The event is most likely held in a locale that is not your hometown. You are planning to travel a long distance to reach this location. Make the most of it by arranging meetings outside the event, either in the days before or after, or simply by inviting local companies to meet you on the trade show floor or at a nearby cafe.
6) Don’t forget about the press & analysts
Exhibitors at an event are entitled to receive a press list, with the names, phone numbers and email addresses of all registered members of the press who will be in attendance. If you are not an exhibitor but know someone who is, they may be willing to share this list with you. You also can look for the “media sponsors” list on the show’s Web site, and simply call up the publications and ask which journalists will be attending. Search for stories that were published the previous year about the event – some of these journalists will attend again the following year. And don’t feel guilty trying to get a meeting with a journalist just because you are not exhibiting. Your story may be 100 times more interesting than the official exhibitors s/he is meeting with and the journalist may be pleased to have an excuse to step off the show floor, especially if you offer to treat for coffee or a beer.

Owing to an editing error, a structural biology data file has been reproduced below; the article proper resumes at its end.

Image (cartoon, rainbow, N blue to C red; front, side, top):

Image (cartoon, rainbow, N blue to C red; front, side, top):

Similarly, many industry analysts typically attend industry conferences, often as speakers. Don’t overlook this rare opportunity to meet with your key analyst face to face. If you subscribe to one of the analyst services (e.g. Gartner, Forrester, IDC), you should ask your reps if they know of any relevant analysts going to the events you plan to attend, and they may also be able to help you arrange a meeting.
7) Even if you’re not exhibiting, you can market that you are/were there
You don’t have to be an exhibitor to make a press announcement during the show, with the show’s city in the dateline. You can blog about it. Add it to your social network statuses. Post photos after the event. This is where the industry is, and you want to be seen as being in the right place at the right time.
8) Wear Comfortable Shoes
And bring a spare pair. It’s amazing how UN-comfortable your supposedly comfortable shoes can be after a full day of walking and standing, so a spare pair is a must.
What are some strategies and tactics you’ve adopted to survive and thrive at industry trade shows?